Working right in the heart of the dynamics of the energy sector and bringing about positive change is undoubtedly a challenging and satisfying aspect of my job. This was reflected in the recent announcement of two important milestones for our energy sector.

Malta will be doubling its electricity interconnection with Italy. A new 200MW cable will be laid between Malta and Ragusa, making use of infrastructural preparations put together when the first cable was commissioned in 2014.

We also convinced our European counterparts that Malta needs access to the European gas market. Our proposal for a hydrogen-ready pipeline will be considered as a Project of Common Interest and can be eligible for funding under the revised TEN-E network regulations.

The PN’s reaction was a puerile attempt to claim that the idea of a second interconnector has been theirs since 2006. They selectively quoted from a document meant to be the electricity generation plan for Malta for the following 10 years.

Being austere with the truth, they avoided mentioning that, according to this plan, the Marsa power station had to cease functioning by 2008, a source of gas was to be in place by 2009 and the first interconnector completed by 2010. Apart from talking, there was little walking during the PN administration.

Malta underwent 14 years of zero investment in the energy sector between 1998 and 2012 leading to the worst ever electricity generation policy. Consumers faced the highest-ever bills. The Nationalist administration scrapped all the 2006 plans and opted for another oil-fired plant.

The interconnector remained on paper. The only mention of a second interconnector in the 2006 plan refers to a redundant cable intended for security of supply. Commenting today, the PN seems to have completely ditched the need for redundancy and security of supply. They took a simple mathematical average of the loads on the current infrastructure to try and shed doubt on the need for a second cable.

We have been experiencing a consistent increase in demand for electricity since 2014. Moreover, post pandemic forecasts indicate further increases in demand, driven mainly by economic growth, electrification of transport and shore-to-ship supplies. This demand is expected to increase by 21 per cent in the next five years.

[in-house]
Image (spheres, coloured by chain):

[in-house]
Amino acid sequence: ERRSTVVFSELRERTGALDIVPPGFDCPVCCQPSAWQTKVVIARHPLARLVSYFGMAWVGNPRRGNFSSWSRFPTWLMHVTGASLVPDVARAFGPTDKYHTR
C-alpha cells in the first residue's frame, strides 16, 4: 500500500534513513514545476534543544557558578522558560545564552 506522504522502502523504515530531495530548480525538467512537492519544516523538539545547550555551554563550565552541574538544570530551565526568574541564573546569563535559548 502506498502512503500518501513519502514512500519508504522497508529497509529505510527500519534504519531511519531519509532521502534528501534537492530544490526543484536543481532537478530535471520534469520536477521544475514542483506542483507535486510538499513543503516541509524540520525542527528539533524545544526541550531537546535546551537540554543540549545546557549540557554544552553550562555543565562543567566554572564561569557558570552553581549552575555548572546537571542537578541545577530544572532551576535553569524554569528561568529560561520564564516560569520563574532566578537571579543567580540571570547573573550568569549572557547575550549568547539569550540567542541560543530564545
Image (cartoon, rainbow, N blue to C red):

The new gas power plant and first interconnector replaced the HFO fired Marsa and Delimara power stations and handled the increase in demand. Without both projects, we would either have had to keep running on HFO or endure long hours of electricity interruptions annually.

Malta must go for the cleanest source of energy- Miriam Dalli

My vision is clear: Malta must go for the cleanest source of energy and ensure diversification of sources. Decisions taken are analysed and studied. I want to ensure implementation.

The second interconnector cable will provide for the projected growth for this decade. It will deliver a more stable electricity grid enabling the onboarding of more renewable generation. Deployment of large-scale renewables requires a very robust grid that can handle the intermittency and variability of renewables and ensure that customers are well supplied at all times.

I firmly believe that any energy policy should be driven by expert analysis. Technical advice should be followed rather than ignored, as was the case with the 2006 plan. Specialists have studied no less than six options for interconnections with Italy, Greece, and Tunisia. Technical analysis pointed towards a second cable between Ragusa and Malta. This is both the cheapest option and the one that bears the least economic and technical risk.

We now have 350MW of capacity from local gas-fired generation plants, 200MW from the new power plant and 150MW from the BWSC plant, converted to operate on gas. The new interconnector will double the import capacity to 400MW, balancing our sources. By diversifying our sources, we will enhance additional security of supply, reduce the dependency on one technology and keep our options open.

Our ambitious electricity generation policy has foresight. We promote continued investment in this sector, driving towards our ultimate aim of decarbonisation. We have also negotiated and secured a derogation by which Malta will connect to the European grid, allowing access to new energy markets, including hydrogen.

This is the future. This is the path we’re taking to decarbonise this sector and our economy in the years to come.

Miriam Dalli – Minister for Energy

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